4. Oh, I’d say that for YEARS, my trouble had been sentimental clutter, but I am really cracking down on that have donated so many things. I suppose presently, my trouble place is the attic. With minimal storage space (one closet for the entire main level of 2 bedrooms, kitchen, bath, living room, mudroom, laundry room), we have to store things in the attic. Then it can be a pain in the patootie to get things down and to get things put away. Wah! Wah! Wah! All I know for certain is that there is a lot less clutter in our home and that is really nice. 🙂

  5. I agree with you Sanna. My biggest issue is the paper clutter from trying to keep up with the health insurance paperwork, etc.

  6. I really enjoyed this post. Recently I found that my iPhone had achieved over a yr.’s worth of emails which I thought had been deleted….thousands and thousands and thousands. They each had to be put in trash before they could be deleted all at once. Grrr. Well the lesson I learned is that nothing gets past the front door nor into the inbox without my allowing it to. As for my problem w/dirty dishes before I can was them…..I got a busboy type tube in they go there until dish washing time suits me. I keep it ina walkin pantry. My counters and sink are clear and I don’t have chaos in the kitchen. I used to think it was because I don’t have a dishwasher but after seeing others who do, I realized that an empty sink is not possible for me and tackled the problem from a different angle.

  7. Sanna, this was a wonderful post and I thought you had stepped inside my mind to write it.

    I was just wondering today why I can’t seem to keep up. I know I’m getting older, but this is ridiculous. My house is large, so there’s plenty of room. But, my kitchen always looks cluttered even when it is clean. It is in constant use, it seems, and I keep quite a few things on the counter for easy access. My desk is in the main living area and I cannot seem to keep the papers off it. A couple days ago I sat up very late while hubby was asleep to get everything squared away. I dusted it, too. Then, the next day, I got out cards and stationery to write letters, brought in papers out of the car to file, and the list goes on. It looks like I never cleaned it. I have a lot of records to keep up with and I can’t seem to stay on top of it all.

    I keep up with laundry just fine and never have clothes lying around, but it just seems hard to stay caught up with other things. And having dogs in the house doesn’t help about keeping things looking clean!!! However, as a friend said…..”I’d rather have dog hair than to have no dog!!”

    I think it boils down to Gilda Radner’s famous line……IT’S ALWAYS SOMETHING!!!!!!!!!

  8. Hi Sanna, great post!
    Surface clutter is my biggest annoyance. Shoes and more shoes around the front and back door. A shoe cupboard needs to be a priority at my place as work boots and beach shoes can’t really go in the bedroom closet.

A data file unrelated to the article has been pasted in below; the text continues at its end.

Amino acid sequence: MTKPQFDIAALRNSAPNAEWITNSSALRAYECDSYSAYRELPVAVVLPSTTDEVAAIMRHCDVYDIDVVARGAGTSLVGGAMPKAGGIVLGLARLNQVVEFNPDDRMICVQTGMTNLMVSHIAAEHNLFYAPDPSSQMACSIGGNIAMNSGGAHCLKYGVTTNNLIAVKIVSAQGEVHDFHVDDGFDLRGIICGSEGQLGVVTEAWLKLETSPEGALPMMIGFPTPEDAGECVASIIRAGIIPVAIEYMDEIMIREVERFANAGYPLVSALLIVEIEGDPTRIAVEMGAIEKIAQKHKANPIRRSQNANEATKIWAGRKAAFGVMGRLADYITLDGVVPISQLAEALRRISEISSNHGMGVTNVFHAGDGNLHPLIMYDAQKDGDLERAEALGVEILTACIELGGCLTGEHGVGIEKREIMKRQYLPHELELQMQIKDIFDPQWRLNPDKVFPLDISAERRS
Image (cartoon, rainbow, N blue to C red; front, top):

I have an accumulation of bottom clutter , digital camera, earphones, power cords,pens etc. They all lived on my desk. My desk has been cleared off to use as a temporary kitchen when the floor is polished next week. It’s all in a plastic tub, I think I will just hand it to Colleen to sort through. (What are friends for?)
    I was about to say I have no forgotten clutter, then I thought about it, my mind scanned all the storage areas around the house. Gladly I can say I have no forgotten clutter.
    Thank you Sanna ! Such an apt description for each type of clutter. Cheers

  9. Bottom clutter and yes it haunts me. I keep a good hand on the surface clutter in most rooms, but it’s just me here so that’s not hard. I have gotten rid of massive amounts but still have the problem areas and I should spend more time decluttering than reading about it LOL
    It’s all a work in progress and we remember to always pat ourselves on the back when we accomplish something!

  10. At the moment all three types of clutter are in my sights. The girls are on ‘study leave’ from school and these seems to be a few piles of surface clutter dotted around the house which started with their books, study guides and papers but seem to grow. We had house guests on short notice last week and there was a resort to some things being chucked in drawers rather than carefully considered, so that is bottom clutter. And there is forgotten clutter to be dealt with too, there are some areas which have gone under the radar in recent month but because there is adequate room and the house looks reasonably good most of the time, I haven’t targeted them. But I know they’re there.

  11. Happy, happy day, today. We went to a holiday craft fair (a really BIG one) and we did a quick walk-though, didn’t buy anything as we walked through, talked at the end about what we saw and the only thing we bought was a locally grown jelly package for my in-laws. 😉 I think we may be getting more discerning about what we purchase. Is it going to be useful? It is going to be appreciated? Do I feel good giving this gift? Yep, we’re all good. Excellent day.